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The bot ecosystem is maturing, and larger organizations are starting to adopt communication platforms that let bots take part in enterprise workflows. There is a growing opportunity for bot builders to move their user bases from early adopters to big enterprises. But the opportunity to capture big clients comes with complexity: From stringent policies and security requirements to longer procurement processes and larger scale workflows, there’s a lot to consider if you want to build truly enterprise-ready software.

At Slack, we’ve spent the past few years building Slack Enterprise Grid for enterprise-grade collaboration. In this article, I’ll share some things to consider if you want to build bots or apps for some of the world’s biggest companies.

1. Enterprises take their time, but it could be worth your time

Enterprises buy software in a different way than small or medium-sized companies. Enterprises have a longer sales cycle, during which the enterprise evaluates many aspects of your software and makes a decision about which software to buy. The decision to install one bot over another is usually made by an admin (or an app admin, as they are sometimes called) rather than any one person in the team. In many enterprises, only admins are allowed to install tools and services.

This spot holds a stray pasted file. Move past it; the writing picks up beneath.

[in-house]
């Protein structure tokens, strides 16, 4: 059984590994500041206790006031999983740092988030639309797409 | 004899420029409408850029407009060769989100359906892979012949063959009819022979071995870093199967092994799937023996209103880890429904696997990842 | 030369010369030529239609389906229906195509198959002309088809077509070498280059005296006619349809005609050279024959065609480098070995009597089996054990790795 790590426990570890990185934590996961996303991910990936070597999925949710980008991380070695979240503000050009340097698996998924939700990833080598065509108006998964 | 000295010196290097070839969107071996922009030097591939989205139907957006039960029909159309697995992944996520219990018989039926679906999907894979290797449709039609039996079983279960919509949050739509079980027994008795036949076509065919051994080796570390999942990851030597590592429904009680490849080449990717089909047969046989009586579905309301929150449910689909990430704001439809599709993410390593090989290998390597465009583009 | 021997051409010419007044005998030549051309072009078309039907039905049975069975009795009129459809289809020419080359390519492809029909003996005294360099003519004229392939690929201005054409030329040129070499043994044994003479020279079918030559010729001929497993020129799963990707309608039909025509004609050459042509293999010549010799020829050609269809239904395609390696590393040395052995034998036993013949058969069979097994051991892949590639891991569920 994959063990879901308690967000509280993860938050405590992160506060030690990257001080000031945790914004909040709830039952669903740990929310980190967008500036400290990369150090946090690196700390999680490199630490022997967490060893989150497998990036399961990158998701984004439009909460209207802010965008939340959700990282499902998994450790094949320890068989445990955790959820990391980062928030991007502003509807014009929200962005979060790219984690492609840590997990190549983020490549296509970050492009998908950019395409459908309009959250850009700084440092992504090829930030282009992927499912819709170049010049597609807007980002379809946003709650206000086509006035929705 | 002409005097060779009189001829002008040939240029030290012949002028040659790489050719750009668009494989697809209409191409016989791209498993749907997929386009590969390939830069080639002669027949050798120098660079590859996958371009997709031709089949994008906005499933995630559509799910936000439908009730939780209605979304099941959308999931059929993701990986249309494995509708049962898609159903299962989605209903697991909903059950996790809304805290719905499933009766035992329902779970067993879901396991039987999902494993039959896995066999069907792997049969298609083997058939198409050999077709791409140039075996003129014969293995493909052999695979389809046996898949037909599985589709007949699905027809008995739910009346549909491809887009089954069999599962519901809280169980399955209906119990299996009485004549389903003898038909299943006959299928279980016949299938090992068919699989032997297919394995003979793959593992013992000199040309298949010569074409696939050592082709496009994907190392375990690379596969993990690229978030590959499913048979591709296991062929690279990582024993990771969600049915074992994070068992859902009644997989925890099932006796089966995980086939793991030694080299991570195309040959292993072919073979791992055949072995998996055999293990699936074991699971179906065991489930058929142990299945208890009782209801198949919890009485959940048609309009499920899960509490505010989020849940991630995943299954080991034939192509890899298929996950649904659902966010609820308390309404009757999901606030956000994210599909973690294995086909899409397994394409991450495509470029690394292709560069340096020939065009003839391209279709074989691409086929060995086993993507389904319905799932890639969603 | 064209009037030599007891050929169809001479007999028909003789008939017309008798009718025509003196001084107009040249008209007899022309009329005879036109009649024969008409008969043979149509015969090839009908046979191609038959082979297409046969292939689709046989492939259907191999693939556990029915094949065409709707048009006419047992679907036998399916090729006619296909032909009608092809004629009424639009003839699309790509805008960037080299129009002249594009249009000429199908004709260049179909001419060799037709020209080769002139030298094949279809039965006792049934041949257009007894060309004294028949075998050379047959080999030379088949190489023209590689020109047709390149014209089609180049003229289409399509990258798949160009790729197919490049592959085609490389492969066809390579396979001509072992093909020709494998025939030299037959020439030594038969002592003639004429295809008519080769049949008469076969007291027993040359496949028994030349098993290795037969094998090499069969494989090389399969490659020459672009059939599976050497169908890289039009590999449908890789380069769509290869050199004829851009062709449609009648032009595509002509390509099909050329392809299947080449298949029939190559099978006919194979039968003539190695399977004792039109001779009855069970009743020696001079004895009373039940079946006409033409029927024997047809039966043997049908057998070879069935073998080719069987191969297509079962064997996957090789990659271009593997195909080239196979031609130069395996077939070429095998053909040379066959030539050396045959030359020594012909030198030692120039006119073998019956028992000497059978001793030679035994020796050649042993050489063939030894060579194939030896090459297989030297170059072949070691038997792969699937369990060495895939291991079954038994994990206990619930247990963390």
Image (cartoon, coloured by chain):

The upside is that once your software is bought, churn is naturally lower, as there is a smaller chance that it will be uninstalled. Moreover, in many cases, once a bot is installed, employees are instructed to use it, making adoption easier.

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2. Security and policy are key for enterprise decision-makers

Security and compliance criteria are often key factors in the enterprise software procurement process. Admins may need to determine if your bot adheres to the enterprise security and policy standards (such as data storage and privacy policies). Don’t be surprised if your bot goes through penetration testing or other security evaluations! If possible, facilitate a way for enterprises to engage with you to coordinate these evaluations and tests.

As you develop, it is important to think about security at every step of the development process. Be mindful of common vulnerabilities, such as XSS, CSRF, and SQLi, when developing your web application. Follow the principle of least privilege: Do not request more authorization for your application than necessary. Most applications perform a limited set of actions, so it is best to limit the OAuth scope requested (which can mitigate the impact of a breach).

It is highly recommended that you create a thoughtful privacy policy and stick by it. A common mistake we’ve seen is developers sharing their app token and keys with third-party services (often for tracking analytics) — this can make an enterprise worry that you might not be in full control of the data you are accessing.